polypropylene capacitors

Looking around on various sites : Why is it so hard to find small (so low voltage) MKP (polypropylene) capacitors for audio ?
There are : AC/puls , DC link , motor run, power factor correction, RC snubber, RF and power , RF microwave, suppression film capacitors and... general use .
Which are for audio , in the 4,7 uF to 10 uF range ? ( for input of amps , not for speaker filters)
Sure I can find these Wima red ones and those grey Kemet, but often only for high voltages which makes them very bulky.
Maybe it is difficult to make or handle very thin polypropylene film? Audio is a small niche market. There are not many instances in circuits where you actually need a low voltage 10uF film capacitor, despite what many people think.
It took me years to find out the reason for huge capacitors used on a microphone preamplifier.
450V 33μF where there is no need for more that 63V. The reason is simply price and availability.
Erse makes lower voltage caps for audio, they are very good and cost is reasonable.

These other caps could be good too and over-specified for audio purposes.

Always think about the signal, the AC, the DC and the peeks, and RMS, it needs to match.

A search for those film caps just gave me the usual very same caps but named "audio grade".
Where are the low voltage ?
Where is the reasonable cost ?
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I have found that the Polyethylene Terephthalate (PET) capacitors from Wima are nearly as good as the polypropylene, and are a good compromise due to their small size. A 10 µF 50 volt Wima MKS2B051001N00JO00 is only 7 x 11 mm. A little pricey @ $2.51 each, though.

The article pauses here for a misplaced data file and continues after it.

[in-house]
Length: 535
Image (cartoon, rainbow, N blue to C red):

PET is MKT or MKS , polyester then. A good compromise.
Elektor tested caps for audio back in the 90'ties: MKP the best.


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Kemet F461 have 15mm lead spacing

The article which Sam Groner and Scott Wurcer wrote for Linear Audio Volume 12 ("Quadrature Bridge Measures Harmonic Distortion in Capacitors") indicates that C0G have much more consistent distortion than polyester or polypropylene. While the hybrid metalized polypro can be much lower, it can also be much higher!
Those tests appear to show that distortion was below the measurement threshold for all film caps, so in what sense is MKP the best - based on those tests? DA does not count because DA does not affect audio.

True about the distortion , but since this was an arcticle from 1991 , and the way they measured the distortion (at 250hz ) , I wouldn't trust it too much. Elektor says that DA does have an influence on the sound quality .

C0G are only for pF & nF , where best choice is styroflex (polystyrene).
If you accept NOS, I only know about "Iskra" oval - KCU polycarbonate type. Search in Slovenia.
As far as I know, "Iskra" copied German ERO capacitors.
Polycarbonate is a great sounding capacitor.

Philips HQ-MKC is superior, but I don't know that there are below 100V. I use 9,2 uF/100V.


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I use low voltage polycarbonate caps when I can find them for applications where I need small size, and can live with a low voltage rating. Polycarbonate is tougher stuff than polypropylene, so you can used thinner films and still tension them properly. I grab Wima and ERO MKCs when I can find them. I also have a bunch of Sprague polycarbonates back from when dinosaurs roamed the earth...

I will mostly use them as input caps and as coupling caps in a "Nakamichi" type feedback arrangement (anything to avoid putting an electrolytic in series with my feedback network).
RickTH said:
Elektor says that DA does have an influence on the sound quality .
DA is a very low frequency phenomenon and appears to be linear so that is two reasons why it cannot affect audio. However, it is conceivable that DA is correlated with some other unidentified dielectric problem which does affect audio. If so, nobody knows what it is and blaming DA diverts attention from whatever the real issue is. Personally, I suspect that people are just afraid of DA without actually understanding it and so 'hear' poor audio with a high DA cap - but only when they know DA is present.